Another Limit on Refiling Voluntarily Dismissed Cases

Jeffrey A. Parness

Northern Illinois University - College of Law

September 7, 2012

100 Illinois Bar Journal 498, September 2012

In Illinois, civil litigants enjoy an express statutory right to dismiss a pending civil case and refile it within a year regardless of any prohibitive time limits. 735 ILCS 5/13-217. Such a right is not found in the federal district courts or in many American state courts. This right has been limited by the res judicata doctrine. Hudson v. Chicago, 228 Ill.2d 464 (2008). Now, in a “case of first impression,” an appellate court has recognized another significant limit, judicial estoppel.

In Smeilis v. Lipkis, 2012 IL App (1st) 103385, the court estopped the plaintiffs as they “have (1) taken two positions, (2) that are factually inconsistent, (3) in separate . . . proceedings, (4) with intent the trier of fact accept the facts alleged as true, and (5) have succeeded in the first proceeding and received some benefit from it.” In Smeilis, the plaintiffs initially sued a hospital and a nursing home for medical malpractice. They settled with the hospital after presenting a neurosurgeon as an expert who said the patient needed surgery while at the hospital, and that any later surgery, while at the nursing home after the hospital stay, would likely not have helped.

Plaintiffs voluntarily dismissed after settlement and timely refiled against the nursing home. There, the plaintiffs presented a new expert, a neurologist, who said surgery within days after the transfer to the nursing home would have left the patient “in a better condition than her current state.”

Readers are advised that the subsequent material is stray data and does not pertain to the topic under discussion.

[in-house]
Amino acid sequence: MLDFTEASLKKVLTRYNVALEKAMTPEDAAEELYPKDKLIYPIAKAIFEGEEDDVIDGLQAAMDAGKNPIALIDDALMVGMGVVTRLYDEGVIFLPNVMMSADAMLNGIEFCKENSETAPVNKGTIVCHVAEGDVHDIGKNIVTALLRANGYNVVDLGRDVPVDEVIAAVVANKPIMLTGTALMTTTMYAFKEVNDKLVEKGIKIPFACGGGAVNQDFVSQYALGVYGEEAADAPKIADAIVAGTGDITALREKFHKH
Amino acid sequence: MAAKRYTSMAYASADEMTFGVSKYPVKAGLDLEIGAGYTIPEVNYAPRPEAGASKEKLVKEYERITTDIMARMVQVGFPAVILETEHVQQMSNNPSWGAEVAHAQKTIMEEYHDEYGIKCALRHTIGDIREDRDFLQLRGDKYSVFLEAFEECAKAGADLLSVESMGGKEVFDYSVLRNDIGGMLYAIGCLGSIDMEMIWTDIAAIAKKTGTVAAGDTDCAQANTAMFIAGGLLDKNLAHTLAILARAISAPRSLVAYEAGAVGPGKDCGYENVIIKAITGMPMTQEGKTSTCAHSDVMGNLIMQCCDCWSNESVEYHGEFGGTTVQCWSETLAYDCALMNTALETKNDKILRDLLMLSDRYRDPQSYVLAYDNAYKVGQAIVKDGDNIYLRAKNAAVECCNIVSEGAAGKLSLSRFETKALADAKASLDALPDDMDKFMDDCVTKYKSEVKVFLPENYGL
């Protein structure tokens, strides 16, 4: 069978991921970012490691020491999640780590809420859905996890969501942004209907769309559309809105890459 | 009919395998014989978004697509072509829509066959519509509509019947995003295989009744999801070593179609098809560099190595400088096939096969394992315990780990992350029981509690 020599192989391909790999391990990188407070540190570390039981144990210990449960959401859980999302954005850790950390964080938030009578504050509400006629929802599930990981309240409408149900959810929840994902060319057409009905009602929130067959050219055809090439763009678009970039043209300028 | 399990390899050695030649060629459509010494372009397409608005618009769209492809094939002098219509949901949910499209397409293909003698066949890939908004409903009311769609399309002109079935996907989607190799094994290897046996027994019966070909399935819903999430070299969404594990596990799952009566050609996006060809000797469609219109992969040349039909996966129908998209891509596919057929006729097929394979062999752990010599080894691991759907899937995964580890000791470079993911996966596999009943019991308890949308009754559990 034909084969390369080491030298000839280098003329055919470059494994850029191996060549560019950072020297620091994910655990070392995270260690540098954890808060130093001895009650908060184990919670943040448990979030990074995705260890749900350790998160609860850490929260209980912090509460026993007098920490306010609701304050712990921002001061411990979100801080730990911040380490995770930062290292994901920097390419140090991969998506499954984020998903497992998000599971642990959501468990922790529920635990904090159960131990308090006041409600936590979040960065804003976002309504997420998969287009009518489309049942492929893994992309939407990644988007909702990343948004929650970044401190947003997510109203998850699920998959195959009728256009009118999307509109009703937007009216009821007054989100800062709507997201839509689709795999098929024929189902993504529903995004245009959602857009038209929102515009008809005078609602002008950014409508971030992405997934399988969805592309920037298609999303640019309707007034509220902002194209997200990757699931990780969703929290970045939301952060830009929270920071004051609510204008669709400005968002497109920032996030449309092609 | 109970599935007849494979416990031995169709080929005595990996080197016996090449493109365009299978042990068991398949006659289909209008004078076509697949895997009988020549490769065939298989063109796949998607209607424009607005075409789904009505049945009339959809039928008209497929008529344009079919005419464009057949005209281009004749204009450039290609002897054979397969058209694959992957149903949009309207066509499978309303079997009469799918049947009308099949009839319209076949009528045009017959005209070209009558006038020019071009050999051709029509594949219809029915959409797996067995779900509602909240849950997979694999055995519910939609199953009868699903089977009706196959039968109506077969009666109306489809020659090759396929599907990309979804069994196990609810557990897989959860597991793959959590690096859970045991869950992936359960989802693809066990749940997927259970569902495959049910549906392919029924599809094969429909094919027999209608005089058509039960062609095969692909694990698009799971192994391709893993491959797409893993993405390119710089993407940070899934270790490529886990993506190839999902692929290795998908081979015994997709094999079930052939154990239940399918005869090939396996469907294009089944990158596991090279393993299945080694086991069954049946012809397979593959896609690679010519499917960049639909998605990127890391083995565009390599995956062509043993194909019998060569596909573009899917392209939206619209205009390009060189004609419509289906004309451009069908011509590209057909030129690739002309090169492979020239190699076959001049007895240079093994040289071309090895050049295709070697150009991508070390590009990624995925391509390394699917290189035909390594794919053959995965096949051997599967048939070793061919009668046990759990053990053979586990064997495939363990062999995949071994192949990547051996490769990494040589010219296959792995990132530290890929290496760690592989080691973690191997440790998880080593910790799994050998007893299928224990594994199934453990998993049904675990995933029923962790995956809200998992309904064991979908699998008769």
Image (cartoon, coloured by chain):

In finding judicial estoppel barred the second suit notwithstanding the statutory right, the court distinguished earlier cases where parties were not judicially estopped from using different experts to opine differently in two cases. Here, the two experts were said to differ on a fact, not an opinion. The court ruled that when a patient first exhibits a “neurological abnormality” is a fact, though requiring expert witness testimony. A dissent was not sure plaintiffs benefitted from the inconsistency and found troubling the distinction between a pleading amendment (allowed) and a refiling (not allowed).

After Hudson and Smeilis, the dangers in voluntary dismissals and refiling are great. Claimants should avoid utilizing their statutory right whenever possible.

Number of Pages in PDF File: 2

Keywords: civil procedure, voluntary dismissal, judicial estoppel, res judicata, refiled complaints, Illinois civil procedure, claim preclusion, fact testimony, opinion testimony, expert testimony

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Date posted: September 8, 2012 ; Last revised: September 24, 2012

Suggested Citation

Parness, Jeffrey A., Another Limit on Refiling Voluntarily Dismissed Cases (September 7, 2012). 100 Illinois Bar Journal 498, September 2012. Available at SSRN: https://ssrn.com/abstract=2143319

Contact Information

Jeffrey A. Parness (Contact Author)
Northern Illinois University - College of Law ( email )
Swen Parson Hall
DeKalb, IL 60115
United States
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